Imtiaz Cajee, right, who is leading the Timol family’s fight for truth and justice, and family advocate Howard Varney. Picture: Thobile Mathonsi/ANA

Pretoria - This is part of an ongoing journey. This is not the end.

This was the words of Imtiaz Cajee, nephew of Ahmed Timol following the verdict by the Gauteng High Court, Pretoria on Thursday that Timol did not commit suicide 46 years ago when he fell from the notorious John Vorster Square police station in Johannesburg. 

Judge Billy Mothle found that Timol was either pushed from the 10th floor of the building or from the roof.

He found that the then security branch police officers who had interrogated Timol at the time, were collectively responsible for his death and should be held accountable.

“Timol did not jump….he was pushed and thus he did not commit suicide, but was murdered,”  the judge said. 

He said the act was committed through the dolus eventualis - his interrogators should have foreseen that he could die - an on the face of it, it amounted to murder. 

Judge Mothle said there is prima facie evidence implicating security branch officers Hans Gloy and Johannes van Niekerk. But both had since passed away.

Jan Rodrigues, the officer who claimed to be there when Timol fell out of the window, should be investigated with a view of prosecuting him on a charge of perjury and being an accessory after the fact.

“Rodrigues, on his own version, participated in the cover-up to conceal the crime of murder as an accessory after the fact. He went on to commit perjury by presenting contradictory evidence before the 1971 and 2017 inquests,” the judge said.

He continued that it is the view of the court that the families whose relatives died in detention, particularly those where the inquest findings were death by suicide, should be assisted at their initiative, to obtain the records and gather further information to have the initial inquest reopened. 

The judge said the Human Rights Commission, working with the law enforcement agencies, should be sufficiently resourced to take on this task.

Thoko Mpumlwana of the Foundation for Human Rights, after the judgment said “This is just the beginning. She expressed her hope that other families such as that of Steve Biko and Matthew Mabelane, will one day find the real truth behind their deaths. “It is not so much about prosecution, it is about the truth,” she said.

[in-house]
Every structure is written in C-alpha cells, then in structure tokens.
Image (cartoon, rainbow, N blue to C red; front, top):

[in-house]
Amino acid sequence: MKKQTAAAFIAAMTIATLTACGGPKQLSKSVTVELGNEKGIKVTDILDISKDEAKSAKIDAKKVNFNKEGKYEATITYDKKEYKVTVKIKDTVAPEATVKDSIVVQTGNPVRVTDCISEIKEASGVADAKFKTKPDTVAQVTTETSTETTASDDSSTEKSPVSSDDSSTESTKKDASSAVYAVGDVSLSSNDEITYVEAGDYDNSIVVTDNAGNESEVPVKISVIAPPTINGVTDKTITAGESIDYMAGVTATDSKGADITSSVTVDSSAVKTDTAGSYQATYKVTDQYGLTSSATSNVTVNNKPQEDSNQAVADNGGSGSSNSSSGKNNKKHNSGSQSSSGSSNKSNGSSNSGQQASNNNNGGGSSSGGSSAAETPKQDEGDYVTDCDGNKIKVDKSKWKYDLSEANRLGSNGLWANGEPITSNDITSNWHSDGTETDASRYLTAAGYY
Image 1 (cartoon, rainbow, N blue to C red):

Nkosinathi Biko, Steve Biko’s eldest son, said they too, would like to see his inquest reopened. He said the fact that there was nobody to blame for what happened to Biko and others in his position, should haunt us as a nation. 

“As family of Steve Biko we have walked a the path. It was a long journey and one we will take to the end. We want our voices heard.” 
National Prosecuting Authority spokesperson Luvuyo Mfaku gave the assurance that the prosecuting authority will take matters further. 

“The NPA will ensure that all matters which are not resolved, are resolved."  He said the prosecuting authority will give its assistance to other families who are still seeking closure. 

“The NPA is pleased with the outcome of the inquest. It is a historical one. It has never happened in the past. When the (Timol) family approached the prosecution authority for the first time,  we indicated that we will ensure that these matters are resolved.” 

He said the NPA from the start indicated that the investigating officer had to investigate these matters so that the families could get closure.

Mfaku said the order of the judge was clear in this case that there must be an investigation and possible prosecution. 

“But the findings were made on a balance of probabilities and it must be thoroughly investigated so that when we get to a court of law, we could prove our case beyond any doubt.” 

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